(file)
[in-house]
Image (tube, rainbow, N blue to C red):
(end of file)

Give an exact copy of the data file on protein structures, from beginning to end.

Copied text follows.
[in-house]
Image (tube, rainbow, N blue to C red):